Business rates in England could be changed to help High Street retailers, Business Secretary Greg Clark has said.
Mr Clark told the Tory party conference that the contribution the High Street made to villages, towns and cities should be recognised and business rates “will be one way of doing that”.
Retail groups say online shopping and increasing business rates have left many High Street retailers struggling.
The Federation of Small Businesses (FSB) has welcomed Mr Clark’s comments.
During his speech at a fringe event in Birmingham, he said planning rules and regulations would have to be rolled out “to allow the reshaping of high streets”, as it adapts in the future.
He said Chancellor Philip Hammond was conducting a review of business rates, but added his own view is that the High Street “makes a big contribution to the community, and to villages, towns and cities”.
He said: “And I think some recognition of that is required. Business rates will be one way of doing that.”
Some experts believe the rise of online retailing, increasing staff costs and rising business rates have created a “perfect storm” for the High Street.
Many firms in multiple industries are now struggling to pay annual rising business rates – property taxes for businesses that are calculated based on a proportion of the property’s value.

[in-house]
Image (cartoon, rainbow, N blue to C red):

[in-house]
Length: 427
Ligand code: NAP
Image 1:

The British Retail Consortium (BRC) says that the retail industry pays £7bn a year in business rates.
Business rates rose in April 2017 after the government’s revaluation of property in the UK.
Federation for Small Businesses (FSB) chairman Mike Cherry welcomed the speech, and the potential for further reforms to business rates.
He said: “Competition from online retailers has left many High Street firms struggling and confidence among small businesses in our high streets is falling.
“Without action on business rates we will continue to see High Street retailers forced to close.”
The FSB has proposed a two-year freeze on business rates, among other proposals.
In November 2017 Mr Hammond decided to bring forward a proposed cut to business rates, which would see them rise in line with the lower Consumer Prices Index (CPI) measure of inflation, not the Retail Prices Index (RPI).
However, the BRC says this is not good enough, and has been campaigning for the government to reduce rates further.
In August, consumer price inflation hit 2.7%.
The BRC fears that if the inflation figure stays the same in September, this will mean retailers will have to pay an extra £190m in annual business rates from April 2019 onwards.
On Wednesday, the Welsh government decided to scrap business rates for children’s day nurseries in Wales after claims the industry was struggling to survive.